In May 2012, he led the YOC in Lisbon and Oporto, and after the success in Portugal, he led his orchestra again in Norway, conducting six consecutive concerts in Oslo, Hokksund, Drammen, Moss, Hamar, and Lillehammer. In June he led the Jalisco Symphony Orchestra in Mexico and in August, he was invited to conduct the Sodre Youth Orchestra in Montevideo, Uruguay.
Paredes – who is continuing his studies in orchestral conducting under the guidance of maestro José Antonio Abreu – has led many Venezuelan orchestras. The Simón Bolívar Symphony Orchestra of Venezuela, the Teresa Carreño Youth Orchestra, and the symphony orchestras of Bolívar, Mérida, Táchira, Monagas, and Falcón are among them.
In the past, he served as guest conductor of the Carlos Chávez Orchestra in Mexico (2005) and of the Sodre Youth Orchestra in Montevideo, Uruguay (2009). He also served as music director of the Jóvenes Arcos de Venezuela orchestra during its successful 2004 tour of Argentina.
This young maestro started a successful career as violinist in 1989 under the guidance of Rubén Cova, Ulyses Ascanio, Santiago Garmendia, and José Francisco del Castillo. Paredes has also studied with renowned violinists such as Agustin Dumay, Olivier Charlier, Virginie Robilliard, Aaron Rosand, Maurice Hasson, Yossy Zivoni, Daniel Stabrawa, Eugene Fodor, and Igor Oistrakh, among others.
As a violin player, he won first prize at the Third International Competition for young violinists held in Argentina in 1991, and was a member of the first violin section of the Simón Bolívar Youth Orchestra of Venezuela and the Mercosur Youth Symphony Orchestra, with which he performed in Brazil. In 2002 he entered the Youth Orchestra of the Americas by competitive audition to play as concertmaster at its debut concert.
October 8 – November 18, 2012 and January 2 – 15, 2013
Rafael Payare, winner of the 2012 Malko Conducting Competition, is one of the most exciting young conductors to emerge from the internationally renowned Venezuelan program, El Sistema. Since he began his formal conducting studies in 2004 with José Antonio Abreu, Rafael has developed a flourishing career, having conducted all the major orchestras in Venezuela including the Simón Bolívar Symphony Orchestra of Venezuela both in Caracas and in Toronto as part of their 2009 Canadian tour. Maestro Abreu remains Rafael’s principal conducting mentor. As an assistant conductor, he has worked under Gustavo Dudamel, most notably for his co-production of Carmen with the Teatro alla Scala, as well as for the Simón Bolívar Symphony Orchestra’s 2010 European tour. Rafael also served as assistant conductor to Claudio Abbado for his performance of Tchaikovsky’s Sixth Symphony with the Simón Bolívar Smphony Orchestra.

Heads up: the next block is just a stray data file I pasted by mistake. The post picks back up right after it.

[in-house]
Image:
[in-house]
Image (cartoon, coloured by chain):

In August 2010, Daniel Barenboim personally invited Payare to observe his rehearsals with the West-Eastern Divan Orchestra in preparation for their international tour, and Rafael was selected to participate in Bernard Haitink’s Lucerne master-classes in April 2011 and March 2012. Most recently he was selected to take part in the 2012 Tanglewood Music Center Conducting Fellowship Program. Rafael recently made his debut with the Copenhagen Philharmonic Orchestra at the Tivoli Festival, which resulted in an immediate re-invitation and, in July 2012, he debuted at Lorin Maazel’s Castleton Festival.
The Los Angeles Philharmonic Association, under the vibrant leadership of Music Director Gustavo Dudamel, presents an inspiring array of music from all genres – orchestral, chamber and Baroque music, organ and celebrity recitals, new music, jazz, world music and pop – at two of L.A.’s iconic venues, Walt Disney Concert Hall (www.laphil.com) and the Hollywood Bowl (www.hollywoodbowl.com). The LA Phil’s season at Walt Disney Concert Hall extends from October through May, and throughout the summer at the Hollywood Bowl. With the preeminent Los Angeles Philharmonic at the foundation of its offerings, the LA Phil aims to enrich and transform lives through music, with a robust mix of artistic, education and community programs.